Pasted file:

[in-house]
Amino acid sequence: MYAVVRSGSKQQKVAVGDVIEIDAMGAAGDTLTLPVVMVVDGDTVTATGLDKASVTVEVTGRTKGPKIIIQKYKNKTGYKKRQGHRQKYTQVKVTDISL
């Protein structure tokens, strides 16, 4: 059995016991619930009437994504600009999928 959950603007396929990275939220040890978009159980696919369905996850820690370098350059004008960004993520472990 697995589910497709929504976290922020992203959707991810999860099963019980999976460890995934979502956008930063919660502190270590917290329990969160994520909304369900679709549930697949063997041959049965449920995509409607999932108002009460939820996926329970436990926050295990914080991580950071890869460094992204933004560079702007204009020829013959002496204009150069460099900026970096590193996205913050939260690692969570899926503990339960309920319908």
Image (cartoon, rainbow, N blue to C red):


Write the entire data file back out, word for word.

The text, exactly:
[in-house]
Amino acid sequence: MYAVVRSGSKQQKVAVGDVIEIDAMGAAGDTLTLPVVMVVDGDTVTATGLDKASVTVEVTGRTKGPKIIIQKYKNKTGYKKRQGHRQKYTQVKVTDISL
């Protein structure tokens, strides 16, 4: 059995016991619930009437994504600009999928 959950603007396929990275939220040890978009159980696919369905996850820690370098350059004008960004993520472990 697995589910497709929504976290922020992203959707991810999860099963019980999976460890995934979502956008930063919660502190270590917290329990969160994520909304369900679709549930697949063997041959049965449920995509409607999932108002009460939820996926329970436990926050295990914080991580950071890869460094992204933004560079702007204009020829013959002496204009150069460099900026970096590193996205913050939260690692969570899926503990339960309920319908």
Image (cartoon, rainbow, N blue to C red):